When I tell students about marketing, I always start with the story of our finances. Because to understand what marketing should do, you need to understand what our economic ideas are; After all, marketing is a child of the economy. Which means our financial ideas dictate what marketing should do. And in a capitalist economy like ours, that means creating as much money surplus as possible. Profit maximization seems to have become the ultimate goal for some companies; a goal that seems to justify all actions. To the utmost. For example, the world’s largest oil producing companies are currently investing billions to find new oil wells, knowing that burning the oil from these wells is guaranteed to exceed 1.5 degrees Celsius. Deliberately and willingly, these companies put short-term profits over a viable long-term future. A striking example of how important capitalist thinking has become in our economy.
Not only does it harm our environment, but it has not done the marketer much good either. Survey after survey shows that marketing seems to lose its relevance in the organization and from a social point of view, people also lose confidence in big brands and companies. Marketing is more often seen as something annoying and annoying than as something power for goodand in part, the root of this is the goal that marketing must pursue based on the current economic paradigm: profit maximization.
As long as the marketer is primarily concerned with making money for her own organization, it can not be otherwise than that she has less gaze and attention to the needs of the customer or the interests of society. It is now quite clear that the capitalist perspective has not done the marketing function very well. To the extent that some even dare to argue that the marketing function has become irrelevant.
A new economic perspective (1)
In my previous article, I argued for a marketing feature that helps society reduce consumption. Produce less, consume less. According to various experts and research, this is the only option for a viable, sustainable future. And consuming less was the norm in society for a long time. Between 14that and 18that century, consumption was limited through laws and regulations. In Venice, for example, around 1512 it was not allowed to have more than six forks and six spoons service, and as a woman in Germany of the 18.that fine or even thrown in jail for a century if you walked down the street wearing an expensive cotton scarf. Consumption was seen as something that corrupted the human mind and disrupted the social order. Consumption was dangerous and had to be limited.
From a social point of view, that perspective seemed to change during the 18’sthat century. In 1759, at the time of the emergence of the ‘theory of moral emotion’, the (unintentional) founder of our current economic thinking (Adam Smith) noticed that people were increasingly carrying unnecessary trinkets in the pockets of their coats. And that they kept buying new coats, with even more pockets to carry even more trinkets. All this in the pursuit of happiness: consumption to become happier.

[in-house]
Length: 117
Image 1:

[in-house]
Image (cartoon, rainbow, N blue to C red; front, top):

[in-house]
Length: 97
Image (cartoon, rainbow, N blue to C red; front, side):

Despite the changing social perspective on consumption, the consumer remained a marginal figure in (academic) economic ideas. A real change in this started only in the early 20thste century. A new capitalism, built on the development and growth of the industrial revolution, provided economic growth that was the result of increased consumption (2). Governments and policy makers began to see the importance of consumption for the growth of their economies. For example, Edgar Hoover, President of the United States (1929-1933), stated that (3): “new desires that will make room for infinitely newer desires as soon as they are fulfilled”. And it was Thatcher and Reagan in the 1970s who came up with the first contours of the free market economy. Ideas that were later embraced by Clinton, Schröder and Blair during the shareholder economy in the 1990s. Governments began to stimulate consumption to grow economies, and power came to rest with business, which got free hands to operate in the (free) market.
It is good to realize that consumption has never been in the interest of the individual, who only gets happy up to a certain level of all that consumption. In the free market economy, individuals are constantly encouraged to put together personal moments of happiness, for example by buying things: marketers know how easy it is to manipulate the individual’s desires in such a way that they can entice consumers to make approx. any purchase. With all the negative consequences for our environment as a result.